knowledge and theories. "It will be
a hard thing to do," she says, "as
the idea is so new. I will have to in-
troduce it slowly, until I can build
up the right backing of influence.
Probably when I first go home I shall
teach."
The course which Miss Hsieh is
studying involves social service work
with groups rather than with indivi-
dual case work. 1Her family has been
Christian for years and her father is
influential in China. Miss Hsieh has
enjoyed much the same advantages1
that come to an American girl of good.
family. She went to mission school,
then high school, attended Yen Chen'
University in Peking and then came to
Oberlin College, Ohio. .She started
her course in Cleveland in September.
One of the features of the W. C. T.
U. conference to be held in Washing-
ton, D. C., Jan. 25-27, will be a ser'v-
ice at the base of the Frances Willard
statue in the capitol Statuary hall.
Miss Willard was the founder of the!
W. C .T. U.
Miss G. Wilbrink is chief director of
the goyernmental control station 'at
Cheribon, Java.

The Bolcro, the Blouse
and the Belt
Acclaim the Spring Froc
The bolero, the blouse and the
belted line enter as the trium-
virate of the Spring (Iress mode.
Skirts are tiered, pleated or cir-
cular and the compose theme plays
importantly.
Afternoon dresses of crepe satin,
crepe do chine and prints, cleverly
tucked and stitched, answer the
demand for spring smartness in
black, beige, hydrangea and navy
blue, green and gray.
$25 to $39.50

- ..v j__ \t
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_ ' * '
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"The Store of Individuality"

@'

SAXOPHONE
E-flat Alto "Wolverine" Silver
plated. Gold Bell
Case and six Reeds 1
included.......... J
C MELODY
Same finish ...........$115
CLARINET
Fine imported Albert system.
15 keys, 4 rings and rollers.
Complete with
Case, six heeds $32.50
et c. . .......... .
CLARINET, Albert system.
15 keys, 2 rings. Excellent
for beginners ........ $22.50
CELLO
Good -uality. Nicely shaded
brown color. Full, three-quar-
teris "Ind one-hl~l' sizes. Coi-
plee( with Bow'
and lackintosh 7
cover .F.'.. . .. . 50

TRUMPET
Fine imported French Trum-
pet, "Cuesnon" make, in B flat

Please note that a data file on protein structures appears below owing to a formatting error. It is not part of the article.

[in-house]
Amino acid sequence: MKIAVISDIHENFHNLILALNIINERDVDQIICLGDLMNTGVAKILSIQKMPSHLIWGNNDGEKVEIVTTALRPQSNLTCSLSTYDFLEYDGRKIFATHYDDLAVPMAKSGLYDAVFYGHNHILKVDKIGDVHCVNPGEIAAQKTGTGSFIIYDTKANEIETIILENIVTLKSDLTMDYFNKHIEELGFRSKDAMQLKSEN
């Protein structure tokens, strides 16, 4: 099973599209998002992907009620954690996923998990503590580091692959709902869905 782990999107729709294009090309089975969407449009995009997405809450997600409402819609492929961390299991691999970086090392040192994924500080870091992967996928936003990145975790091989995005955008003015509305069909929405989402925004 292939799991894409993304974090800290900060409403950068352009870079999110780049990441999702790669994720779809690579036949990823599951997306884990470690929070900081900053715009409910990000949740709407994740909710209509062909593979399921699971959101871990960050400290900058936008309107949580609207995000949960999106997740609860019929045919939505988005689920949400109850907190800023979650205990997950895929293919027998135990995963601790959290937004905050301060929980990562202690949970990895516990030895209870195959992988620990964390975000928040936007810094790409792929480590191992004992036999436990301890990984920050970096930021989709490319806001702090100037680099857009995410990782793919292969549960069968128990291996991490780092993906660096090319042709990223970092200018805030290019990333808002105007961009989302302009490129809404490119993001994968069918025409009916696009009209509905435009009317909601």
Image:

with change to A.
Complete with water-w$18
proof cover. Only..
TROMBONE
Brass finish. Perfect slide
action. Water-
pr'oof cover. 1 eyseil6.00
Veyspecia ..
FLUTE
8 keys, imported,
complete with 1 10
good case ...1.
DRUM
Professional model, all metal
Snare Drum com-
plete with Sticks. $ U
o n y . . . . . . pOt h e r D r u m s . . . . . $ 1 0 U P

I

LL good resolutions
start, and often end,
cc .... beginning tomor-
row". But commence
the- Shredded Wheat

121 South Main St. t

I

I

I .Y-',.-

Ring & Bueseher Band Instruments
Ealsy Weekly or Monthly Payments

d0
i I o mophnie Vitrolas, $3 to $300
116 South Main Street

v

Ilolic s :;12

-Evierything lMusical-

I

i

r. I

11

CA

January Showing
Sealskin Fur Coats
For the benefit of women who may want to select
a Fur Coat during January, when the cold demands
an adequately warm coat, we have arranged for a
showing of sealskin coats in a complete range of sizes.
If you are interested in a seal coat, or in any one of
the other favorite pelts, we invite you to make selec-

Come t Oa
CRIPPEN'S
If you are looking for the best in
candy, or the last word in delicious
fountain specialties, just drop in at
our store near the campus on your
way from classes.
The rich, creamy chocolate syrup
used in our malted milks and sun-
daes add that certain taste that
gives us the reputation we have.
9~T PI

i
i
i,
I
i

habit tomorrow and
the chances are your
grandson will still be car-
rying on. For Shredded
Wheat is that kind of
a food; rich in all the
body-building, mind-
stimulating whole wheat
elements you need-
and rich in captivating
flavor, too.
Try Shredded Wheat today with hot milk orcold,or
enjoy it with your favorite fruit fora real cereal feast.
T 2

i

tion now.

A convenient plan

of payment may be

arranged.

If

11